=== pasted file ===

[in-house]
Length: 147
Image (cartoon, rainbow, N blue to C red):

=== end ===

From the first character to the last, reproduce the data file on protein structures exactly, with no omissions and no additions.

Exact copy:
[in-house]
Length: 147
Image (cartoon, rainbow, N blue to C red):